While you might be familiar with the famous image of Santa Claus on the cover of the January 3, 1863, issue of Harper’s Weekly, you might not be familiar with the image of Santa that appears inside that same issue. On page 13, a story titled “Santa Claus’s Ball; Or, A Plea for the Children” recounts a November-night party intended as a “dress-rehearsal for Christmas.”
While that sounds all well and quaint, the story gets really trippy really quickly: dolls that spy on sleeping children; a once-beautiful witch who may or may not have something going on the side with perhaps-not-so-saintly Saint Nick; Santa’s overfondness for “punch”…. This ain’t your children’s Christmas fairy tale! (Perhaps I should not have been surprised. Also on the page is a sinister-sounding story of “The Pirate Raphael Semmes.”)
Take a read for yourself:
“Santa Claus’s Ball; Or, A Plea for the Children”
Santa Claus had appointed this November night as a dress-rehearsal for Christmas. It was an occasion when not the Dolls only, but very many others, denizens of Toyland, were expected. All, in fact, who could make it convenient to attend felt it to be a duty to do so. In fact, the invitation was almost peremptory. Santa Claus expected to hear from his spies, the Old Dolls, full accounts of the conduct and behavior of his little friends the Children, in order that he might know who deserved his rich prizes, and who might merit the traditional “rod in the stocking” as the penalty of their misbehavior. He also expected to hear from the same reliable sources what all the mothers, sisters, aunts, and cousins were doing with reference to assisting him; and for this information he was accustomed to rely entirely upon the Dolls. They are a very intelligent race of little beings, if one did but know it, and they always sleep with at least one eye open. Consequently, when the Children have gone to bed, and the Dolls set in order in the nursery, and the hidden work is taken out, and the mysterious plans of the family talked over, the Dolls have the best possible chance to see and hear it all, and of course their sympathies are all interested in the Children, and all that concerns them.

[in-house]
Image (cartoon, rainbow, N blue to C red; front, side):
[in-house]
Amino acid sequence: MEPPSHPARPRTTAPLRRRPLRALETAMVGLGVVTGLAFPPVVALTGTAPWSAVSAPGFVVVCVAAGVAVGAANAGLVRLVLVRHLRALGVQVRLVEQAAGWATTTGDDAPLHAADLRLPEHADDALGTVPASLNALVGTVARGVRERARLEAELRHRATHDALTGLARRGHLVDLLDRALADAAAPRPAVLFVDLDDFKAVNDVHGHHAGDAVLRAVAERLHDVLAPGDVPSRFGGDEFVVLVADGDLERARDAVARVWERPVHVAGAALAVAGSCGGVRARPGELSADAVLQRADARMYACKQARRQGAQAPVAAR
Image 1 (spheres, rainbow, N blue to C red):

Santa Claus was accustomed to hold this annual festival preparatory to Christmas, in order to know exactly what to do, and what to depend upon.
The gala was held in Santa’s favorite winter palace, an immense snow-cave in the side of Mount Hecla. Santa Claus found the climate to agree better with his health than a more southern situation, and likewise he found here, in this sequestered spot, the quiet and seclusion so necessary to the mystery in which he is accustomed to invest his good deeds.
The palace was all of a glow with warmth and light from numerous fires in huge fire-places, whose vent was none less than the great crater of Hecla himself. The cheerful blaze illuminated the glittering ceiling and sparkling walls, and mellowed the atmosphere to almost tropical geniality; while, to retrain the melting of snow and ice, which naturally would have ensued, and which would have greatly incommoded the guests, the palace was placed under a perpetual spell or charm by a certain witch. This witch when young had been a famous beauty, and a great favorite of the good saint, who was a gay bachelor in those days.
Of course she could not preside publicly at his entertainments; but it was more than surmised in Northern circles that his domestic ménage owed much to her occasional care. It was positively asserted that if she chose she could tell what has become of a certain Geyser, which had mysteriously disappeared of late, and there were not wanting dark hints that it had been placed in his kitchen by her agency, in order that he might enjoy a perpetual supply of hot water for his punch, of which it was feared he was becoming very fond.
It is certain that he has been known to lay his finger aside his jolly red nose, wink oracularly, and indulge in a silent inward laugh and chuckle when the subject has been broached to him. But it is not my business to pry into the domestic concerns of these excellent people, but to give an account of Santa Claus’s ball….
You can read the full article online here.